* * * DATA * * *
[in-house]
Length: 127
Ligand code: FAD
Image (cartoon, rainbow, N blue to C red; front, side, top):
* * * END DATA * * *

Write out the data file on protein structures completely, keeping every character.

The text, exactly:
[in-house]
Length: 127
Ligand code: FAD
Image (cartoon, rainbow, N blue to C red; front, side, top):